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Re: Clarifying attribute-const


On 25/09/15 21:16, Eric Botcazou wrote:
First, a belated follow-up to https://gcc.gnu.org/PR66512 . The bug is
asking why attribute-const appears to have a weaker effect in C++, compared
to C. The answer in that bug is that GCC assumes that attribute-const
function can terminate by throwing an exception.

FWIW there is an equivalent semantics in Ada: the "const" functions can throw
and the language explicitly allows them to be CSEd in this case, etc.


i think a throwing interface that may be moved around
by the compiler makes reasoning about exception safety
hard.. (i.e. the spec cannot be hand-wavy about the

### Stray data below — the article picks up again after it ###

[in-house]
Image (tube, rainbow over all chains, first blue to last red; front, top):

allowed optimizations).

i guess the inconsistency stems from c++ making extern
c apis throw by default (causing some amount of misery:
in c one cannot throw nor declare something nothrow,
so c api is pessimized in c++).

That doesn't actually seem reasonable.  Consider that C counterpart to
throwing is longjmp; it seems to me that GCC should behave consistently:
either assume that attribute-const may both longjmp and throw (I guess
nobody wants that), or that it may not longjmp nor throw.  Intuitively, if
"const" means "free of side effects so that calls can be moved
speculatively or duplicated", then non-local control flow transfer via
throwing should be disallowed as well.

This would pessimize a lot languages where exceptions are pervasive.


i think if the language tends to allow catching invalid
input to pure computation as an exception (e.g. division
by zero) then throwing is preferred.

if bad input is treated as undefined behavior then
nothrow is preferred.

In any case, it would be nice the intended compiler behavior could be
explicitely stated in the manual.

Agreed.


+1


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